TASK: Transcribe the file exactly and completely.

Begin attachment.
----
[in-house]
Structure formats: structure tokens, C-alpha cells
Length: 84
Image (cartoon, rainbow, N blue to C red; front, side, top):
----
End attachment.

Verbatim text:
[in-house]
Structure formats: structure tokens, C-alpha cells
Length: 84
Image (cartoon, rainbow, N blue to C red; front, side, top):